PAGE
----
Autism and Special Needs

About Autism

Autism is a lifelong developmental disorder marked by significant deficits in communication, social skills and cognitive impairment, which usually surfaces in children between the first 18 and 24 months of life. Autism is the fastest-growing disability.

Individuals who demonstrate varying degrees of the classic symptoms of Autism or who demonstrate some, but not all of the classic symptoms may be diagnosed with Autism Spectrum Disorder. The Diagnostic and Statistical Manual of Mental Disorders (DSM-IV) separately defined Autism, Asperger’s Syndrome, Pervasive Developmental Disorder Not Otherwise Specified (PDD-NOS), Childhood Disintegrative Disorder, and Rett’s Syndrome. In May, 2013, the DSM-5 was published and categorized all of these under one term, Autism Spectrum Disorder (ASD), differentiated based on three severity levels.

Although numbers vary slightly, approximately 1 out of 68 children is diagnosed on the autism spectrum -- a number that increases up to 17 percent each year. There is no known cause or cure of autism. While researchers work on learning more about this disorder, ACES’ is focused on helping individuals realize their full potential through treatment and support in the home, school and community.

What is Asperger's Syndrome and How is it Different than Autism?

The term Asperger's Syndrome refers to individuals within the autism spectrum who do not necessarily experience severe intellectual impairments but do face a range of social impairments.

The major distinction is that language developed normally up to the age of 3. Individuals with Asperger's retain normal or near-normal cognitive and communicative development and their verbal skills are usually relatively strong.

Those afflicted with Asperger's Syndrome display deficits in social interaction and unusual responses to their encompassing environment. They often have obsessive routines and may be preoccupied with a particular subject of interest.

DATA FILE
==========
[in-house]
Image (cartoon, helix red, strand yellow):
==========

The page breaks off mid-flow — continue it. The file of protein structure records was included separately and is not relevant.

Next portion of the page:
The diagnosis of Asperger's has been eliminated in the 2013 fifth edition of the Diagnostic and Statistical Manual of Mental Disorders (DSM-5) and replaced by a diagnosis of Autism Spectrum Disorder on a severity scale.

Speech-Language Skills

Development of speech-language skills is different for every child. However, certain communication milestones are expected as children grow. If your child is reaching these milestones slowly, he or she may need speech therapy.

Speech-Language Milestones

4-6 months:
  • Demonstrates an interest in others
  • Responds to changes in tone of voice
  • Pays attention to music
  • Communication is not intentional
7-12 months:
  • Babbling begins (around 7 months)
  • Communication becomes intentional
  • Combines gestures with sounds and eye gaze
  • Uses certain sounds as if they were words
  • Imitates sounds
  • Understands common words
  • Listens when spoken to
13-18 months:
  • Uses 10-20 single words
  • One word may have different meanings in different contexts
  • Receptive vocabulary develops
18-24 months:
  • Two-word combinations begin
  • 24 months - vocabulary increases to around 200-250 words
  • Uses many different consonant sounds at the beginning of words
  • Points to a few body parts when asked
  • Follows simple commands and understands simple questions
2-3 years:
  • Three-word sentences develop
  • Grammatical structures emerge
  • Begins to ask “why?”
  • Speech is understood by familiar listeners most of the time
  • The child will have as many as 500 words by 2 ½ , and 1000 words by 3
  • Follows two-step commands (e.g. “Go to your room and get your shoes”)
3-4 years:
  • Uses long complex sentences and can hold conversations
  • Grammar becomes more complex
  • Answers simple ‘wh’ questions
4-5 years:
  • Pays attention to a short story and answers questions about it